Category Archives: Education

Don’t Worry – Be Hapee

The other day, on a list to which I subscribe, I found this light-hearted observation about a very serious subject – hape.

Hape is not, as the Quick Reader may imagine, the last of the items (the others, like hape, were also evil) to emerge from Pandora’s box, in the Greek myth.

All round the world, business content and business processes are being digitised and made available to stakeholders, often in a highly restricted manner, ie on some kind of subscription basis. Subscribers do so, often paying money, in the faith that they get, in return, some sort of exclusive or protected access.

Quite often, in order to do so, they also voluntarily make available some kind of personal information (it varies, of course, depending on the need). Continue reading

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Filed under Communication, Community, connectivity, Democracy, development, Education, governance, Holistic, Internet, Privacy, Security, Smart Cash, social processes, technology, UID

Privacy is a public concern

March began interestingly for me this year, with two big meetings back-to-back, in Panglao, a tiny island in the Philippines. The first was with Privacy International, the London-based public service PI_Gang_Panglao.pngorganisation. It has worked tirelessly for over two decades to keep public awareness of personal privacy rights.

Surprisingly, for most people who hardly ever need to think twice about such an obvious attribute of free people, this right is fast vanishing around the world, and most dismayingly, in democratic countries. Continue reading

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Filed under Accessibility, Blogroll, broadband, Broadcast, Communication, Community, connectivity, Democracy, development, Education, energy, governance, Holistic, Internet, Media, Privacy, Security, social processes, technology, UID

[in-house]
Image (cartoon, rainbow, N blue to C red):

Rules and Misrules

At the very tag-end of 2008, an extraordinary event took place. India’s Parliament met for a stormy Winter Session, during which little of note was discussed, and little value was added to the fabric of society. And then, as the Session was drawing to a close, a number of Bills were brought up for voting, and within a few minutes, with little or no words exchanged, they were passed in toto.

The utter disregard of the country and its people implicit in this kind of facile performance is stunning and salutary, especially in light of the public agitation that has spread across northern Africa and parts of Asia, with citizens of many countries taking to the streets to express their disgust at the way that they have been taken for granted, by governments and leaders that claim to have their best interests at heart. Some of the perpetrators of such callousness now find themselves scrabbling to escape, together with untold amounts of wealth stolen from their hapless countries.

That the Indian public has so far been a little more forgiving of such small degradations is a current feature, not a guarantee.

Today, February 28, 2011, I am trying to be equally forgiving. Continue reading

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